Emperors under feudalism oftern regarded themselves as “thien tu” – the sons of Heaven. Hence, to express their respect to Father God, they often held annual offering ceremonies to worship. That’s why Nam Giao Esplanade was built by King Gia Long after being crowned, in Duong Xuan Village, south of Hue City.
Emperors under feudalism often regarded themselves as “thien tu” (son of the God). Hence, to express their respect to Father God, they often held annual offering ceremonies to worship.
Location and history
That’s why Nam, Giao Esplanade was built by King Gia Long after being crowned, in Duong Xuan Village, south of Hue City. It was started constructing on 25th March, 1806. At the beginning of 1807, its first God worship ceremonies were held there. Among several offering terraces of previous dynasties, Nguyen’s is the only one that still exists until today.
The open-air monument obviously reflects the old misconception of people about the universe (circular heavens and square earth), follows the principles of Yin and Yang and also represents 5 elements of the nature: Metal, Wood, Water, Fire and Earth (in order: Kim, Moc, Thuy, Hoa, Tho).
As well, the esplanade is designed to symbolize oriental theory of 3 agents: Heaven, Earth, Man (Thien, Dia, Nhan respectively). Each is represented by one terrace with distinctive color and shape: circular blue heaven, square yellow earth. The bottom terrace is square and red-painted which stands for Man, as there is a phrase “red child” (xich tu – con do) to call the normal people. The top terrace (Heaven) is the place to hold offering ceremonies to God, Earth and Nguyen Dynasty’s ancestors and also called Vien dan. The middle one (Tung dan) is for worshipping the Sun, Moon, Stars, Cloud, Rain, Wind, Lightning, Year and Month, Mountain, Ocean, River, Lagoon, Lake, etc. and all other kinds of holy spirits throughout Vietnam. The last terrace is where to offer sacrifice.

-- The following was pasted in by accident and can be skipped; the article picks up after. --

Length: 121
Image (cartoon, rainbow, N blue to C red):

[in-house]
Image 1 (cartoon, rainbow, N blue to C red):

Along with the main esplanade, there are several other building sites to support the offering ceremony like “Trai cung” (where the king stays before the ceremony), “Than tru” (the kitchen to prepare sacrifice), “Than kho” (the warehouse to place ceremony’s tools).
In the past, Nam Giao Esplanade was surrounded by a thick basalt wall which has been destructed. Pine trees were also planted around, as Emperor Minh Mang has followed his father’s tradition and asked all his sons and mandarins to plant their own pines with their name card on it and take care of their own trees.
Nam Giao Esplanade plays a very important role in religious and political life of Nguyen Dynasty. It took the Protocol and Administration Ministries many months to prepare for the ceremony. Before the sacrifice offering day, all villages and communal in Thua Thien-Hue had to complete making triumphal arches, to put alters on both sides of the route where the Emperor would pass by from Ngo Mon Noon gate to Trai Cung. During the ceremony, big flags with different colors were hung on all four doors of the esplanade: black flags on the north door, blue on the east, red on the south and white on the west. The kings often had to operate the ceremony on his owns. In case he wasn’t capable, his son or one of his mandarins would be ordered to take this task.
Today, visitors can come here to understand about the religious and political belief of Oriental feudal society in general and Nguyen Dynasty in particular, which is completely different from that of Western people.
How to get there
Follow Dien Bien Phu Street till the end. There stands the esplanade. Suggested means of transport include: bike, motorbike and car.
When to get there
The site is open for tourists all the time, but it’s highly recommended to get there when the ceremony is held.
The royal ceremony is especially often restored on the occasion of Hue Festival (in 2002, 2004 and 2006 already), to pray for a peaceful country and prosperous people. This is a particular performance you can’t find anywhere else. Similar ceremony will be held again in Festival Hue 2012, which will take place on April.
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